NEW YORK - As Mayor Eric Adams embarks on a diplomatic mission in Israel and Governor Hochul graces the state fair with her presence, a complex battle unfolds on the homefront. The city and state are locked in a legal tussle over the migrant crisis, as an average of three thousand migrants continue to arrive in the city each week.
Mayor Adams is steering the charge, urging the modification of the city's right-to-shelter obligations to better accommodate the influx of migrants.
"In the face of what we're encountering, no one should be caught off guard. Failing to stem the tide and offer swifter work opportunities will undeniably impact every facet of our city's services," Mayor Adams said.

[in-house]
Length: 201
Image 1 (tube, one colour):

"There's a lot of misperceptions around who migrates during force migrations. A lot of times people think it's the poorest of the poor. It's usually not," said Zachary Iscol, Commissioner of New York City’s Office of Emergency Management. It's usually people who are professionals, people that were in the middle class, people with real trades and skills, and we're seeing that."
The city is also calling on the Governor to sign an executive order to force other towns and cities across the state to accept asylum seekers instead of strapping the city with that burden.
"We've been very public about saying that we need placements outside of New York City. I think that's very important for us to see our way through this," said Anne Williams-Isom, Deputy Mayor for Health and Human Services.
The Legal Aid Society is backing up the Mayor on this issue.
"It's our view that the best way for this to go would be for the Governor to take charge of the process," said Attorney Joshua Goldfein. "To have one set of rules that apply statewide and to direct where people should go based on need, based on communities that are best suited to receive people."